The color palette you choose for your wedding will influence the style, formality, and overall ambiance of your event. Not only that, but you will be seeing a lot of it in everything from tablecloths to bridesmaid jewelry to flowers, so it is important that you are really happy with it. When you look back over your wedding pictures 20 years from now, you should think, “Wow, my wedding was beautiful!”, not “Ugh, what was I thinking with those awful colors?”. Use these tips to learn how to design a wedding color palette that you will truly love.
Start With Swatches: One of the best ways to figure out which colors really work well together is to look at paint samples or fabric swatches. Head to your local home improvement store and feast your eyes on all of the colorful cards. It won’t be long before you realize that you are consistently being attracted by certain hues. Once you have your main color selected, you can play around with the samples until you find a pair or trio that looks great together. Be sure to keep in mind that you will be using those colors in much bigger areas than the little squares, though, so be careful about committing to something for big scale elements that would be best used as an accent. In other words, ten bridesmaids dressed in shocking pink satin dresses with matching sets of bridesmaid jewelry might be a bit much. However, ten bridesmaids dressed in navy dresses with shocking pink bouquets would look awesome.
Consider the Season: Certain colors always have particular seasonal associations, particularly when used in familiar combinations. That is why red and green remind us of Christmas and a pastel rainbow looks like Easter egg colors. If you are getting married in the season in which the colors are commonly used, that is just fine. However, if your wedding will be at a different time of the year, you may need to tweak the color palette a bit. If you like red and green together, for example, and you will be a July bride, swap out holiday scarlet and forest green for cherry red and lime green to put a seasonal twist on the hues. In other instances, the bride might want to steer away from the typical colors for her wedding season. Perhaps you feel that fall foliage colors are overdone for autumn weddings; steer clear of the oranges, browns, and yellows and create an elegant color palette like plum, copper, and moss green instead. It is still seasonal, but much more original.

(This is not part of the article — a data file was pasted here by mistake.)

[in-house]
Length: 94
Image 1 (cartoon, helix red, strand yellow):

Decide on Formality: Your wedding colors need to make sense with the overall formality of your celebration. Metallic shades like silver and gold automatically add elegance, while vibrant palettes of fuchsia and tangerine are more casual. Typically formal weddings may have more subdued colors, such as champagne, navy, plum, and soft pink. Informal weddings tend to be brighter and mix colors with more daring like aqua and crimson. To some extent your wedding venue will affect the formality, so think about how the colors you like work in the space. Wild colors that look fantastic for a beach party will clash with a grand ballroom. On the flip side, very formal hues could seem a bit dull or unimaginative for a casual outdoor bash.
With all of these tips in mind, it will be easy to come up with signature hues for your wedding. Ultimately, the most important thing is that you absolutely love the colors. When your wedding color palette is decided, planning your event will be a piece of cake.
Bridget Mora writes for the customers of www.silverlandjewelry.com providing helpful wedding planning ideas and advice. Get the best advice and the friendliest service when you shop for your bridesmaid jewelry sets at Silverland Jewelry.